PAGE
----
Callorhinchus capensis (St. Joseph)

Duméril, 1865

Life > Eukaryotes > Opisthokonta > Metazoa (animals) > Bilateria > Deuterostomia > Chordata > Craniata > Vertebrata (vertebrates)  > Gnathostomata (jawed vertebrates) > Chondrichthyes > Holocephalii > Chimaeriformes > Callorhinchidae

Callorhinchus capensis (St. Joseph) [Illustration by Ann Hecht ©]

Identification

The hoelike snout of this silvery or bronzy chimaera make it unmistakable. Brown markings on the flanks and head, fin webs brown.

Size

To 1.2 m.

Range

Virtually the entire coast from Namibia to Natal. Endemic.

Habitat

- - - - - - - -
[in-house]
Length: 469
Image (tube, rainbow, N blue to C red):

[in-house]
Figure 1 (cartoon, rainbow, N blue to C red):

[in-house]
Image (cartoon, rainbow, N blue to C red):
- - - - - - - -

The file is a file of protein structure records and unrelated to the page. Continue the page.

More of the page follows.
Bottom-dwelling, from close inshore and in shallow bays to 374 m on the slope.

Biology

Abundant off the west coast and southeastern Cape but uncommon off Natal. Eats sea urchins, bivalves, shrimp, crabs, mantis shrimp, isopods, gastropods, and small fish (dragonets). Probably lays one egg per oviduct at a time, these spindle-shaped and with broad flat ribbed fins on their sides.

Human Impact

Caught by bottom trawlers, by linefishing boats, by sports anglers, and by a directed gillnet fishery from St. Helena Bay. Excellent eating and marketed locally for human consumption.

Text by Leonard J.V. Compagno, David A. Ebert and Malcolm J. Smale


 © Iziko Museums of Cape Town, 2008

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